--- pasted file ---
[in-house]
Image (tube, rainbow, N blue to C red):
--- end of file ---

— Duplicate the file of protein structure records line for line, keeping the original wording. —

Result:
[in-house]
Image (tube, rainbow, N blue to C red):